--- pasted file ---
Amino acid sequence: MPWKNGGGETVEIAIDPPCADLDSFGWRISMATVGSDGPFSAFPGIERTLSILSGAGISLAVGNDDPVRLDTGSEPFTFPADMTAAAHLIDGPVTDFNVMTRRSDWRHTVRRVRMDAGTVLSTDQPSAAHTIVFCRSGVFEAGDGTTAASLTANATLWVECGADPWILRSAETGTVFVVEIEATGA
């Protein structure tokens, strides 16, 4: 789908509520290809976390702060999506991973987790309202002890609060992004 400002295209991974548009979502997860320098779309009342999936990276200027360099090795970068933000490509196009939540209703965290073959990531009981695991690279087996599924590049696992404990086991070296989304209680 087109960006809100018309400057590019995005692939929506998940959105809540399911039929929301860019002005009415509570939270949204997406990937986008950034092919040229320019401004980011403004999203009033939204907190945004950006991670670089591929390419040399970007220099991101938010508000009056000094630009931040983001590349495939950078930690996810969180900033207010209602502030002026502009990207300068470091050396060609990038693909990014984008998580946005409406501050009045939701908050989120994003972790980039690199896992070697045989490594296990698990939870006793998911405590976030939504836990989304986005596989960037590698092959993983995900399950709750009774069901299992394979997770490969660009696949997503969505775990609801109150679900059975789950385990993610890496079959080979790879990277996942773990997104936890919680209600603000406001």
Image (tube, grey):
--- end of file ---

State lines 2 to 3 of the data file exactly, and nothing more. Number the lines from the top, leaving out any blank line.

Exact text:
């Protein structure tokens, strides 16, 4: 789908509520290809976390702060999506991973987790309202002890609060992004 400002295209991974548009979502997860320098779309009342999936990276200027360099090795970068933000490509196009939540209703965290073959990531009981695991690279087996599924590049696992404990086991070296989304209680 087109960006809100018309400057590019995005692939929506998940959105809540399911039929929301860019002005009415509570939270949204997406990937986008950034092919040229320019401004980011403004999203009033939204907190945004950006991670670089591929390419040399970007220099991101938010508000009056000094630009931040983001590349495939950078930690996810969180900033207010209602502030002026502009990207300068470091050396060609990038693909990014984008998580946005409406501050009045939701908050989120994003972790980039690199896992070697045989490594296990698990939870006793998911405590976030939504836990989304986005596989960037590698092959993983995900399950709750009774069901299992394979997770490969660009696949997503969505775990609801109150679900059975789950385990993610890496079959080979790879990277996942773990997104936890919680209600603000406001």
Image (tube, grey):